yogaThe practice of yoga has exploded in the United States in the past 5 years. You can take yoga virtually anywhere including the workplace and in churches. But what is yoga and what are you really practicing? 

 

In ancient times, ascetics practiced yoga poses and yogic breathing techniques (pranayama) to be able to sit for long periods of time in meditation without experience aches and pains that would distract them from their practice. These devout were not sitting in gyms or taking a break from work, they were interested in connecting with the highest part of themselves at the most spiritual level. The idea of exercise, losing weight or feeling the “burn” wasn’t even the point. 

 

In observing many yoga classes, centers and in listening to clients’ comments, what yoga has become today is extremely different from its intended use and its meaning. 

 

The word yoga comes from a Sanskrit word “yuj” which means “to yoke” or “to join together”. In our yoga practice we celebrate the union of our mind, body, soul and spirit. When we practice yoga asana (poses), without mindfulness and honor toward our body and the connection between all aspects of ourselves, we are nullifying the effect of our practice.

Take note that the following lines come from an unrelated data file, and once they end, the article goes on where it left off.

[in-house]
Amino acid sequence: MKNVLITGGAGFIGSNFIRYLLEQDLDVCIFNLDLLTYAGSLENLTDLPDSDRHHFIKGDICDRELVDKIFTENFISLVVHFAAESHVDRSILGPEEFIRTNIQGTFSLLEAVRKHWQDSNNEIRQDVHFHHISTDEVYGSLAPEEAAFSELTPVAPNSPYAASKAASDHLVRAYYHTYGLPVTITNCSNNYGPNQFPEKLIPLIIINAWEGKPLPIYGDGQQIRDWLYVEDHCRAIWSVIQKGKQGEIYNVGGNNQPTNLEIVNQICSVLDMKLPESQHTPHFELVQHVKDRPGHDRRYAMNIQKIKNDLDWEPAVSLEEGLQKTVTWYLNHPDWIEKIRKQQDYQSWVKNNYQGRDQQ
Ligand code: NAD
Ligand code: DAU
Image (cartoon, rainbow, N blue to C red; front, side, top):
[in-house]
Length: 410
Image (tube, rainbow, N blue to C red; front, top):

A practitioner of yoga asana can become quite good at the physical poses with practice. It suffices to have a strong body and will; which includes dedication to repetition of movement. That is when you will hear Western students refer to themselves as “advanced” or “intermediate”. When they say this, what they mean is that they feel they have mastered the physical poses. They may be able to get into an aligned down dog pose and sustain it or master a headstand. But this is not yoga. It’s gymnastics. 

 

Yoga goes much deeper. Yoga is mastery of the mind, body, sense organs, will and desire. Yoga is a surrender to a much deeper level of who you are. It’s a recognition of the infinite nature of your spirit. And this takes years, if not a lifetime to master. 

 

So we are all beginners and we must look at ourselves as such. For, if we think we have mastered yoga, we are fooling ourselves. In Ayurveda, this is called pragyaparadha or “mistake of the intellect”. 

 

Once we realize how little we know, we’ve then begun to encounter our inner yogi. 

Wishing you a lifetime of enlightenment.

Love,
Michelle